Denis Peirce: Afternoon yields best bite in Oroville
I have been hearing good reports on the coho salmon fishing in Lake Oroville. Anglers are reporting fish more than 18 inches being landed on a consistent basis.
There were 250,000 of these fish planted last November and December. These fish resulted from an egg purchase from a fish-farming operation in Washington state. They were raised to the 6-inch to 8-inch size at the hatchery in Oroville, then planted in the lake. The growth rate of these silver salmon is phenomenal in the minnow-rich waters of Lake Oroville.
I fished for coho last winter in Oroville and only landed small fish up to 12 inches although there were lots of them. This past Wednesday, I was invited to fish with Dr. Jerry Chan and his brother, Bob. The three of us went out with Brett Brady, a local guide. Brett had fished the previous day starting at 8:30 a.m. and had struggled to get five fish limits for his clients. He had us meet him at the launch ramp at 5:30 a.m. to assure being on the water and fishing before sunrise. I met Jerry and Bob at 4:15 in Penn Valley and by the appointed time, it was already light on the lake.
Our game plan was to troll for the salmon, the first stop being in front of the dam. We did not get a fish by the time the first sun hit the water and the same was true of the other boats working the area. We left the dam and went to the Highway 162 bridge, which is another hot spot to troll. We began picking up fish on an irregular basis. The other boat anglers around the green bridge were readily exchanging information as to the depth at which they were getting their fish. Early on, it was 45 feet, but as the day wore on, it moved down to 65 feet.
I spent a good part of the day watching Brett’s fish finder and never saw it register a salmon. I thought that maybe the device was faulty, but it did register fish close to the bank where bass should be. I was checking the screen when most of our salmon were hooked, and they did not show up on the screen. After asking many of my sources, the best explanation I could find was that the salmon often do not have air in their swim bladders.
Apparently it is the air in their bladders that registers on the electronics. Salmon not registering on fish finders is also common with saltwater party boats. My point is to not rely exclusively on fish finders when pursuing salmon. They can be there even if you can not see them.
The most effective lure was a pink kokanee spinner with tandem hooks, behind a dodger. A pink hootchie was second and occasional fish were taken on white tube flies and other offerings. The three of us ended the day at 3:30 p.m. with 13 salmon in the box. Once we had two fish on at the same time, but most of the fish came as much as an hour apart. We caught more fish during the afternoon than the morning.
A lower-tech alternative to trolling is mooching. This involves fishing cut anchovies on a No. 2 hook with a half ounce of weight. The most popular location for this method is off the buoy lines near the dam. This past weekend I heard of a wide-open bite just above the bottom in 125 feet of water. The location was on the buoy line running east/west at the south side of the dam. Many anglers will tie their boats to the buoys to hold their location. Watch the other boats to determine where on the line the fish are most active. Not all buoys fish equally well.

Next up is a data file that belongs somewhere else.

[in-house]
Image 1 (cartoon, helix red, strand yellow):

This fishery should continue into the fall until the spawning time. Many of the salmon we took had eggs in their bellies.
The annual hexagenia hatch up on Lake Almanor has kicked into gear. Ron Lewis from Sierra Stream & Mountain in Chico fished last Wednesday and Thursday evenings on the west side of the lake near Prattville. He was on the water at 5:30 p.m. and saw the first fish landed at 6. Anglers fished with nymphs and sinking fly lines until the first bugs appeared on the surface at 8:30 p.m.
At that time everyone switched to floating lines and dry flies. As usual, there was a great slaughter of the insects with fish, bats and birds working the surface of the water. I do not know how this species survives. I have not seen an insect survive the predators and make it to shore. The last fish was hooked at 9:30 and Ron left the water at 10. The fish landed were 75 percent smallmouth bass and 25 percent rainbow trout.
Most of the bass were in the 3- to 5-pound range, providing good sport for the evening.
If you go up to Almanor, “Geritol Cove” adjacent to the dam has had a good hatch. Also Butt Lake just west of Almanor has provided good fishing during the evening hatch.
Red Bluff Diversion Dam salmon count for the last three days =
June 24, 2007 = 29
June 23, 2007 = 31
June 22, 2007 = 31
Year to date 2007 = 1699 salmon
Year to date 2006 = 1032 salmon
* We are printing the salmon counts at Red Bluff as a indicator of the
valley salmon run in general. Salmon fishing on the Sacramento River is
closed until mid July. Check the regulations for open areas on the Feather
Support Local Journalism
Support Local Journalism
Readers around Grass Valley and Nevada County make The Union’s work possible. Your financial contribution supports our efforts to deliver quality, locally relevant journalism.
Now more than ever, your support is critical to help us keep our community informed about the evolving coronavirus pandemic and the impact it is having locally. Every contribution, however large or small, will make a difference.
Your donation will help us continue to cover COVID-19 and our other vital local news.
Start a dialogue, stay on topic and be civil.
If you don't follow the rules, your comment may be deleted.
User Legend: Moderator Trusted User
The Nevada Union Junior Miners Football and Cheer teams traveled on Saturday to Casa Roble High School in Orangevale to play the Casa Roble Junior Rams in Sacramento Youth Football League action.